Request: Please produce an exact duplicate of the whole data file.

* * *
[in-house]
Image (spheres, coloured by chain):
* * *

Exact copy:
[in-house]
Image (spheres, coloured by chain):